ORIEL GRAY’S The Torrents is as relevant today as when she wrote it more than 60 years ago.
The play explores gender equality in the workplace, the impact of mining on the environment, and the power of money to corrupt the media.
In 1955 she was the joint winner of an Australian playwriting award for The Torrents, but incredibly it wasn’t performed live until 1996 in Adelaide, although a TV adaptation was filmed by the ABC in 1969.
Gray, a former communist who died in 2003, was perhaps a victim of gender bias and politics: the play’s edgy themes sat uneasily with mainstream society in the 1950s and as time marched on the text was largely forgotten about.
“The legend of the play is that it was the one that got away,” Black Swan director Clare Watson says.
“She was a great Australian writer whose work deserves an audience today.”
In the play, JG Milford (Celia Pacquola) lands a job as a journalist on a local paper in the 1890s in Koolgalla – a town inspired by Gray’s time in Kalgoorlie.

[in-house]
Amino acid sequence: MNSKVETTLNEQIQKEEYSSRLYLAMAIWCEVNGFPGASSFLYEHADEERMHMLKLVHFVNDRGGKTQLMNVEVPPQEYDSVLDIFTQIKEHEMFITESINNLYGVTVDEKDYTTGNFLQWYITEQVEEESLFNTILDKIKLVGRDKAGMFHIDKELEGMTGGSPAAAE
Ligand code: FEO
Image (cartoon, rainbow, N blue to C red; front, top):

However the Koolgalla Argus’s owner Rufus Torrent (Tony Cogin) doesn’t realise J stands for Jenny and assumes she’s a bloke.
With gold mining petering out, plucky local Kingsley (Luke Carroll) wants to bring irrigation to the town to give it a future in agriculture.
But mining magnate Joh Manson (Steve Rodgers) isn’t keen, saying if the gold runs out he’ll simply move on.
Torrent and Manson have a stand up barney, and Manson threatens to stop bankrolling the paper.
“Newspapers aren’t there to tell the truth, they’re there so people believe what we tell them,” he snarls in a Trump-like manner.
There’s plenty of comedy in the play, supplied by Jenny’s co-workers Christy (Geoff Kelso), Jock (Sam Longley) and cadet Bernie (Rob Johnson).
Pacquola (Rosehaven and Utopia) seemed at first miscast, but soon warms to her role as an independent young woman adapt at handling her male colleagues, including Torrent’s son Ben (Gareth Davies).
Renée Mulder’s set is an elegantly constructed wood-paneled newsroom, circa late 1800s.
The Torrents is on until June 30 at the Perth State Theatre in Northbridge.
by JENNY D’ANGER